In the 1960’s and 70’s one of our major interests was the study of how people ‘Learned by Reading’. Initially being experimental psychologists we used the tools of our trade to obtain records of the way in which people read whilst learning. The electrical recorders, the eye-moment cameras and the thoughts of the readers themselves even when combined, still did not really reveal and record the reading process sufficiently well for the reader to learn from talk-back through the process. And in retrospect this has been true for many of the learning skills that we have investigated.

Firstly the atmosphere of a psychological experiment was disquieting to the reader, so this again meant that we were learning that the experiment was a joint activity in which the learner was at least as important as the experimenter. Gradually we developed a ‘Reading Recorder’ which captured the second by second movement of the eyes over the text and despite our earlier attempts to record the eye movements we discovered that it was much more accurate for the reader to move the text past a viewing window and the recorder automatically recorded the pace and changes in this process. Eventually two or three years of part-time study, with probably with at least a hundred or more people ‘Reading-to-Learn’, enabled us to design the Brunel Reading Recorder.

Here you can see one of the Brunel Reading recorders being used by a pupil from a grammar/comprehensive school producing a read record and making notes on a text pad.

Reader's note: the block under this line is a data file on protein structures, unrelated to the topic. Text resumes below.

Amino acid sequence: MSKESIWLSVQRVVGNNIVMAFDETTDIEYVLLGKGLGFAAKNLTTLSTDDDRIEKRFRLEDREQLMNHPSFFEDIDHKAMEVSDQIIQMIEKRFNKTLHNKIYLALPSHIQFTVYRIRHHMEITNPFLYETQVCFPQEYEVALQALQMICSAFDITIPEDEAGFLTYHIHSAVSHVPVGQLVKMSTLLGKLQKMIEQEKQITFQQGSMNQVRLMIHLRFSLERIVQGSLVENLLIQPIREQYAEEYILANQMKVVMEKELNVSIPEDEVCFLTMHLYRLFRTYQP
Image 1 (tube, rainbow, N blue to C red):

If you would like to read more about this, click here.

The lessons from these earlier experiments enabled us to gain more and more insight into the nature of the evidence of the learning process which can be used by the learner as a resource for improving their reading and the additional skill of reflecting after the event on how they do this.

Recently we have developed a Computer-based program which offers the a wider range of facilities than the Brunel Reading Recorder. It also contains the opportunity for the learner to produce a flow diagram (chart) of their interpretation of the meaning of the text.

All that remains is an opportunity for the learner to create a talk-back through the flow diagram of the reading process. This offers them an opportunity to reflect on the nature of the meaning that they are attributing to the text. In addition whilst the program enabled the learner to produce a graphical record of their reading activity we have still to add the talk-back through the structure of the read-record.

The other early sets of experiments were concerned with for enabling the learners on a production line to become more and more proficient. Again we produced methods of recording the operations of the workers by using a recorder which used a whole variety of sensors based on touch, pressure and sensing at a distance and offering our device to them so that they could:-

  1. develop and reflect on what they were doing.
  2. discuss their records with each other.
  3. rotate the jobs so that each appreciated what was required from their colleagues on the production line.

During one early study we experienced difficulties with the experienced actual production line supervisors and managers of the process. The problem being that after two or three weeks the trainees on their own training line with early versions of the Learning Conversation were performing both more quickly and more accurately than their more experienced colleagues on the production line. What was more difficult was that when the trainees moved to the production line, their productivity dropped.

So our findings from these and later studies has been that production-skill is much more than just the production activity itself. This agreed with the coal mining studies being carried out Ken Rice, Eric Trist & Fred Emery at the Tavistock Institute.